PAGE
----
|Only the tail, fins, eyes, and mouth stick out of
a boxfish’s boxy suit of
armor, which is created
by linked scales.
Penetrating the Armor
As populations of animals change over time, they develop defenses.
Predator populations also evolve, developing body parts and
behaviors that help them defeat their prey’s defenses. Often this
simply involves big teeth and strong jaws. A shark or crocodile,
for example, can easily crunch through a turtle’s shell. Sometimes,
however, special behaviors are involved.
The bearded vulture, for example, knows how to open turtles’
shells. This vulture is found in parts of Europe and Asia. It
mainly feeds on animal bones left over from other animals’ kills.
To get at the food left inside a bone, the vulture carries the bone high into the air and drops it onto rocks to smash it apart. The
vulture uses this same behavior to smash open a turtle’s shell.
Gulls use this behavior, too. They carry clams and other
shelled animals into the air, and then drop them onto rocks
and roads. Crows likewise drop snails onto hard surfaces. Song
thrushes hold snails in their beaks and bash them against favorite
stones, which are known as thrush anvils.
A bird called the snail kite is named for its habit of eating
almost nothing but apple snails. Its slim, hooked bill fits neatly
into the spiral of an apple snail’s shell. The bill’s sharp tip snips a
muscle in the snail, releasing the snail from its shell.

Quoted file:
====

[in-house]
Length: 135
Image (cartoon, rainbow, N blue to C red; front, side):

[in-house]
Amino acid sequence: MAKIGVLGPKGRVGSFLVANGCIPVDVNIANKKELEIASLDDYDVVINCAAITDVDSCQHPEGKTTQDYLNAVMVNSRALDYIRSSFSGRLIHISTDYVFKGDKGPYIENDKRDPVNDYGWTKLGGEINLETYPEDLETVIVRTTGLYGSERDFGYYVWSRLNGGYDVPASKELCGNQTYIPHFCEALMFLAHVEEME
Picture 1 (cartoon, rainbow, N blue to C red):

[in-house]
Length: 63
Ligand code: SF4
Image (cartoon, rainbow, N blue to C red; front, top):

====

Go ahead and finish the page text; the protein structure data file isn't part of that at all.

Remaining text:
The oystercatcher, a bird that feeds on ocean shores, patrols
shellfish beds to look for mussels or oysters with slightly opened
shells. The bird stabs its long, sharp bill into one of these open
shells, quickly cutting the muscles that clamp the shell closed.
An oystercatcher may also open a shell by bashing at the hinge
from the outside.
A sea snail gets past a clam’s armor by using its raspy tongue
to drill a hole in the shell. A sea star wraps its suckered arms
around a clamshell and pulls. Eventually, the clam gets tired and
the shell opens. Immediately, the sea star’s stomach oozes out of
its body and into the shell, where it digests the clam.
A sea star can even slip its stomach around a sea urchin’s
spines. A sunflower star is big enough to engulf a sea urchin and
digest it, then “spit out” the shell and spines. A triggerfish also
eats sea urchins. It flips them over, plucks off their spines, and
then uses its strong teeth to bite through the shell.
Mammals have figured out ways to get around their prey’s
armor, too. A weasel-like animal called the fisher, for example,
quickly flips over prickly porcupines so it can attack their soft
undersides. Wolves, wolverines, and bobcats also prey on porcupines.
A sea otter carries a stone underwater and uses it as a
hammer to knock sea snails called abalone off rocks.